Difficult conversations for form tutors
One of the certainties in your professional life as a teacher is that you will have conversations with pupils about their career aspirations, plans, and worries.
This is one of the many types of difficult conversations that teachers and pupils negotiate every day. Some of them go well, some not so well, others disastrously.
Having a discussion about careers may seem simple on the surface, but there are some pitfalls to navigate.
Positive careers conversations: What to avoid
1. Not being up-to-date on careers options
- If you left education more than 12 months ago, some of your advice will likely be out of date. Courses change, entry requirements vary and recruitment methods change.
- If you’ve been out of education longer than three years, then there is a high likelihood that you'll be inadvertently giving outdated advice.
- If (like me) it's been far longer, then be aware that all sorts of things have changed.
New jobs and courses appearing
New roles and technologies are cropping up all the time. Educational admissions consultants, for example, now support parents and children in deciding which pre-school, prep or uni to apply for, as well as helping them to prepare for tests and selection.
Data mining, making sense of data and the science of obtaining it, means that 'library science' is a hot degree choice right now.
Changing finance and funding
The student finance system continues to change and can be a minefield of rates, rules and jargon to contend with. Needless to say, many people are concerned about the cost of going to university and the resulting effect it might have on their finances in the future.
Go to the finance section of ucas.com for more information.
The fresh face of apprenticeships
Do you know what's on offer in the world of apprenticeships these days? It's important that you highlight them to your students, as apprenticeships are a key part of the government's new careers strategy.
You can learn some quick key facts by downloading a free copy of our higher and degree apprenticeship guide.
None of the above should stop you having careers conversations. Your knowledge is valuable, but it's important to ensure it's up to date, too.
You should make pupils aware that they also need to be proactive when thinking about their future by looking up fresh information for themselves and not relying on parents, siblings or friends.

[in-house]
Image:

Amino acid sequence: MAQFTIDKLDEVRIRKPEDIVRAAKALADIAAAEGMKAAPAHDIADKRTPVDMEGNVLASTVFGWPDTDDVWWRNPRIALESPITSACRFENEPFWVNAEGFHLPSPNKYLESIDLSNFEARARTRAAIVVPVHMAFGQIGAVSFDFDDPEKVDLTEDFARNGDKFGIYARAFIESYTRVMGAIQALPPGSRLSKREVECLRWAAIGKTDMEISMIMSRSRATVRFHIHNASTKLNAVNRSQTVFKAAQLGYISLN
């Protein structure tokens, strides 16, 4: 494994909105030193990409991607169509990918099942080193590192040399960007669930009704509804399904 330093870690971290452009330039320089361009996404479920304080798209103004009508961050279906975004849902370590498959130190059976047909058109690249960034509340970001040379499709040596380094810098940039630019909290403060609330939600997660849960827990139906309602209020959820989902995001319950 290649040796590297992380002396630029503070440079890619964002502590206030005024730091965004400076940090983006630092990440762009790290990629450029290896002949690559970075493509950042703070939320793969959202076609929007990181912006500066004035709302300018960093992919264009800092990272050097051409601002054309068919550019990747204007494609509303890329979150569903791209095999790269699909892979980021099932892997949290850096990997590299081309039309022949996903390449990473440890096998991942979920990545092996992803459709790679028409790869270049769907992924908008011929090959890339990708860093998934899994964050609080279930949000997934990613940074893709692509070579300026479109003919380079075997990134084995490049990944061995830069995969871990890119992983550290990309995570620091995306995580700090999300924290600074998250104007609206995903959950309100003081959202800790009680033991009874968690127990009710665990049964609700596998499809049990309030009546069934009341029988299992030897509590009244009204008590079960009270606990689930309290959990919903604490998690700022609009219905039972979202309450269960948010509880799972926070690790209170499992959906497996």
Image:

2. Not being impartial with your advice
The Government's guidance is very clear that any support or advice given to pupils must be 'presented in an impartial manner, showing no bias or favouritism towards a particular institution, education or work option.'
Read through the guidelines to understand how you can present students with all options available to them.
3. Thinking that careers shouldn't be discussed until Key Stage 4 (KS4)
The statutory guidance makes careers education compulsory from Year 8. However, there is much research into this thorny question suggesting that we should start at primary level.
So even if you're a Year 7 tutor, take time to consider what you can do to encourage these conversations. These handy career planners for KS3, KS4 and KS5 list lesson ideas and activities by year group.
How to brush up on your careers knowledge
1. Have some trusted resources up your sleeve
Never be afraid to say 'I don’t know' during a conversation — but do follow up with the suggestion of some useful websites that can help pupils find out the information for themselves.
If possible, arrange some time to sit down together to go through these or arrange a follow-up conversation to see how they got on. We've got an index of recommended careers websites to direct your students to.
2. Make friends with your school or college's careers adviser
They have the skills, experience, and knowledge to support you. Even ending your conversation with 'make an appointment with our careers adviser and check out how they can help you' is a very positive step.
3. Start a careers display board in your classroom
A class member can be allocated to keep it refreshed on a weekly or fortnightly basis. Keep an eye out in the news for articles of interest and invite pupils to bring in items of their own, too – for example, news of a new local company opening or unusual jobs they may have read about.
Use it to publicise any relevant activities in school, such as National Careers Week activities or visits by employers. It can be used as a prompt for class discussions on careers and aspirations.
4. Get to know your class
Find out what aspirations each member of your class has, as part of the 'getting to know you' routine. It can lead to pairings for activities and new friendships being formed. For example, you may have three aspiring entrepreneurs who could support each other and can be drawn into conversations.
5. Keep the conversation light
Steer away from using career sessions to address individual behavioural issues. For example, avoid using phrases such as: 'Mr X has spoken to me about your behaviour in maths yesterday… you’ll never get to be an Y if you continue to…'.
This negativity might result in a pupil saying they're no longer interested in the career they'd previously mentioned. Try to keep conversations positive and aspirational, making sure to highlight the soft skills that school can teach students.
6. Keep up-to-date in your subject
It can be difficult with workload and time pressures, but your subject association can be a helpful source of new information on careers that use your teaching subjects. Try to weave in examples of people using key subject skills or information in real-life jobs to bring your teaching to life. A 'careers using your subject' board is a good way to focus gather and display materials to inspire broader thinking about careers.